- Paperback: 432 pages
- Publisher: Wrox; 1 edition (May 29, 2007)
- Language: English
- ISBN-10: 0470134119
- ISBN-13: 978-0470134115
- Product Dimensions: 7.4 x 1 x 9.2 inches
- Shipping Weight: 1.3 pounds (View shipping rates and policies)
- Average Customer Review: 16 customer reviews
- Amazon Best Sellers Rank: #727,129 in Books (See Top 100 in Books)
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Expert SQL Server 2005 Integration Services 1st Edition
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From the Back Cover
Developing data processing extraction, transformation, and loading (ETL) solutions is now easier than ever with this practical guide. It shows you how to apply the components of SQL Server 2005 Integration Services (SSIS) to build an enterprise ETL application that scales and performs to your specifications. You'll not only learn how to design and implement the necessary architecture, you'll also find out how to utilize the proper administration techniques.
Written by two SQL Server MVPs, this book first provides you with all the background and foundation information you'll need on scripting and data extraction. It then takes you through the details of data warehousing ETL, error handling, administration, and data integration. By following this approach, you'll quickly discover how to take advantage of SSIS functionality to meet your data integration and processing requirements.
What you will learn from this book
- Powerful uses of scripting to develop more advanced applications
All about the relational database transformation and loading methods for dimension and fact tables
Steps for creating sophisticated solutions that easily handle processing errors
Best practices for moving between your support and production environments
Tips for leveraging SSIS features that make your migrated packages better
How to design and tune your packages to achieve the most scalability
Who this book is for
This book is for experienced SQL Server database developers, architects, and administrators who want to build ETL applications using SSIS.
Wrox Expert books present the wisdom accumulated by an experienced author team who is recognized as experts by the programming community. These experts challenge professional developers to examine their current practices in pursuit of better results.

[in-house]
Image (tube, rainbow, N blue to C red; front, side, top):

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About the Author
Brian Knight (SQL Server MVP, MCSE, MCDBA) of Green Cove Springs, Florida, is the co-founder of SQLServerCentral.com and JumpstartTV.com. He runs the local SQL Server users group in Jacksonville (JSSUG) and was on the Board of Directors of the Professional Association for SQL Server (PASS). He is a contributing columnist for SQL Server Standard and also maintains a regular column for the database web site, SQLServerCentral.com, as well as doing regular webcasts at JumpstartTV.com. He has co-authored and authored more than nine SQL Server books, including Admin911: SQL Server 2000 (McGraw-Hill Companies, 2001), Professional SQL Server 2000 DTS (Wiley Publishing, 2000), Professional SQL Server 2005 Administration (Wiley Publishing, 2006), and Professional SQL Server 2005 Integration Services (Wiley Publishing, 2006). He has spoken at conferences such as PASS, SQL Connections, and TechEd, as well as at many Code Camps. His blog can be found at www.whiteknighttechnology.com. He is an independent consultant at Pragmatic Works and spends most of his time trying to think about how to use the word onomatopoeia in everyday sentences.
Erik Veerman (SQL Server MVP, MCT, MCDBA) is a Mentor for Solid Quality Learning focusing on training, mentoring, and architecting solutions on the SQL Server Business Intelligence (BI) platform. His industry recognition includes Microsoft’s Worldwide BI Solution of the Year and SQL Server Magazine’s Innovator Cup winner. He has designed dozens of BI solutions across a broad business spectrum—telecommunications, marketing, retail, commercial real estate, finance, supply chain, and information technology. His experience with high-volume, multi-terabyte environments and SQL Server 64-bit has enabled clients to scale their Microsoft-based BI solutions for optimal potential. As an expert in OLAP design, ETL processing, and dimensional modeling, he is a presenter, author, and instructor. He led the ETL architecture and design for the first production implementation of SQL Server Integration Services (SSIS) and helped drive the ETL standards and best practices for SSIS on Microsoft’s SQL Server 2005 reference initiative (Project REAL). He also co-authored Professional SQL Server 2005 Integration Services (Wiley Publishing, 2006). As a resident of Atlanta, Georgia, Erik is a leader of the local Atlanta SQL Server User’s Group, a PASS and INETA user group chapter.